by Eric Grant
The autumn winds of October bring thoughts of pumpkins, apple cider and hay rides. The season is announced with the anticipation of a kaleidoscopic array of fall colors. These changing hues celebrate the landscape at one of its finest moments. Few trees can herald the autumnal change with the vibrancy of sourwood (Oxydendrum arboreum). Sometimes called the sorrel tree (referring to its leaves), or lily of the valley tree (for its blooms), fall is only one of four outstanding seasons for this little known tree of wonders.
“Spring green” must have been defined by the foliage of this tree. Its soft, but stately outline breaks the winter rest by cloaking itself in the freshest shades of green. Its glossy foliage always seems to shimmer as it progresses through its rainbow range of color. When other flowering trees have finished their brief show, sourwood is about to embark upon a stunning and extended display of fragrant blooms. By mid June, the branches of this tree are generously graced with delicate fronds, which gently hang amidst the now dark green foliage. These creamy white panicles are abundantly tipped with small white “bells” offering an effect not unlike Victorian lace thoughtfully woven throughout the canopy. Sourwood is a tree that refuses to leave its glory with faded flowers. It continues to build its drama beyond the blooms, which last for weeks. Even once the flowers fade, the skeletal lace that held them remains for months, and continues to endow the tree with visual pleasure from the end of spring to beyond the autumn. This is a showy feat upheld by few other trees.
Now comes October. Sourwood is in the midst of act three. The performance is one of color and form, which on its own upstages burning bush, sugar maples, and other outstanding fall color plants. In their presence, however, sourwood only stands to enhance and compliment their beauty. This tree now offers a vibrant display of yellow and purple splashed amidst its predominant color—one of the most brilliant reds I’ve seen on any plant! The intensity of color is richly translucent and always draws remarks of awe. By October’s end, even though it will have dropped its leaves, sourwood does not abandon aesthetic pleasure. As winter winds approach, it again reveals its soft structure and its dark and furrowed bark, a most appealing silhouette against the winter snow. It waits in rest, to begin its cycle again, secure that its series of encores will never disappoint its audience.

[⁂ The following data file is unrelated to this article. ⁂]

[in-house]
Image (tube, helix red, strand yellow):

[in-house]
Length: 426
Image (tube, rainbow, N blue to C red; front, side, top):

Native from the Midwest into the Smoky Mountains, this problem-free tree will mature to 25 feet or so. Given its medium size and a slightly rounded, pyramidal shape, it is easily incorporated into most landscape settings. It enjoys full sun, but tolerates light or dappled shade equally well, and is often found thriving along woodland borders. Sourwood performs well in average to acidic soils, and from loamy peat to sandy beds. While it prefers relatively moist soils, once established, it can even withstand dry seasons. This tree appreciates some shelter, but for the Michigan gardener, is generally less temperamental than dogwoods or magnolias, which are more common flowering trees of comparable size.
Sourwood is a tree of prominence in any season and deserves consideration in the modern landscape. It is rewarding to find a plant with so many attributes that has not been overused. In fact, as one of landscape’s best kept secrets, its novelty offers one of the highest prizes for gardeners—this is a plant your neighbor doesn’t have!
Botanical name: Oxydendrum arboreum (ox-ih-DEN-drum ar-BORE-ee-um)
Plant type: Deciduous tree
Plant size: 25-30 feet tall, 20 feet wide
Growth rate: Slow
Habit: Pyramidal shape, with drooping branches
Hardiness: Zone 5
Flower color: White
Flower size: 1/4 inch long on 4- to 10-inch long clusters
Bloom period: Summer
Leaf color: Green in spring, turning to dark green; red, yellow and purple in the fall
Leaf size: 3-8 inches long, 1-1/2 to 3-1/2 inches wide
Bark: Grayish brown to black
Light: Full sun to partial shade. Flowering and fall color are best in full sun.
Soil: Well-drained, average to acidic, moist soil. Does fairly well in dry soils.
Uses: Specimen tree
Remarks: Native American tree; four-season interest.
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